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I wish. I'm in the processing of accepting that my body is permanently different. The only reason to want a higher BMR is so I could graze. I don't want to graze. It's hard enough resisting that temptation even when I know it will lean to weight re-gain.


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I hope it works, most nutritionists sat it doesn't but a lot of people say it works. I decided on surgery instead of more dieting because I had reached stage where the food I ate was mostly healthy, low fat, I had stopped eating rice and really cut down on carbs and nothing. Final straw for me, we shifted houses, I spent weeks unpacking, cleaning etc, did not watch my food intake so well, found I had suddenly put on 6 kgs. It really depressed me. Went to a nutritionist, measure my metabolic rate and it was 1,100 calories. In other words , in order to lose weight I would have to consume less than that and exercise and it would still take ages. I knew I could not sustain that kind of calorie intake for a long period and that even if I could, I would have to maintain it for the rest if my life or I would put on weight again as I did after every diet ended. There was no way that was feasible for me and that was when I finally began to consider surgery seriously. I am hoping that with the new restriction and increasing my muscle mass, I will find a reasonable balance.

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"People say" is a funny phrase. I listen to what people say for a living, and the maxim I go by with my clients is that it doesn't matter if what people say is true. It only matters that they believe it's true, because what they believe is going to inform their behavior.

But when it comes to my health, I only care what people say if that person is a medical professional, particularly one who isn't getting paid to be a shill for fads, frauds, and pseudoscience.

At best, I suspect that you can raise your BMR again, but until your BMR levels out, you will be gaining weight. How long did it your BMR to hit its floor, and how much weight did you lose during that time? What if it takes that long to find a new ceiling and you gain that whole time? But I'm not an expert. I don't know.

The experts say it can't be done. Listen to the experts. I listen to people daily tell me their opinions on everything from food to healthcare to insect repellent to aircraft carriers. Most of them don't know anything, but only a fraction knows they don't know anything.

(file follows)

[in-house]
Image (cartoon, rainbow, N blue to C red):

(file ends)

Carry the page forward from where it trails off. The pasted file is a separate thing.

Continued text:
I'm any case, why do you want to raise your BMR except to eat more than you need to feel full? How did that work out the first time?

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I will take the advice of a MD over a nutritionist. Does anyone who is posting here even understand the education level or the lack there of that a nutritionist holds?

The key not to wreck your metabolism is to increase you calories as you progress stages. My metabolism which I actually have checked scientifically and I'm not guessing, is normal to high even after losing 178 lbs. I kept my Protein high, I think in the past 19 months I had maybe 3 days of Protein below 90, most of the time it has been 110 to 120. This allowed me to maintain a lot of muscle mass while burning fat for energy.

If you are concerned about your metabolism. Have your resting metabolic rate tested. Then you will have a start point on if your metabolism is functioning normally or if it is inpared. There is no reason to go adjusting your calories unless you know what you are dealing with to start with.

If your metabolism is normal, then you need to look at the types of calories you are consuming and not just to total number. 1500 calories of crackers isn't the same as 1500 calories of grilled chicken.

Edited by OutsideMatchInside

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I was fascinated with Dr Matthew weiner videos. That is the first time I've heard a doctor talk about a set point. Although... I've always thought my body had one. I've seen it change over the years. I can see when I started a new med it changed etc. Anyways I have his book and am going to try to implement some of the changes he suggests. He says that our set point resets as soon as we have surgery. I am looking forward to that.